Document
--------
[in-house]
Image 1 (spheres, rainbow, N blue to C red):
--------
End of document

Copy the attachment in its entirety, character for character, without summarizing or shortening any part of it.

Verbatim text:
[in-house]
Image 1 (spheres, rainbow, N blue to C red):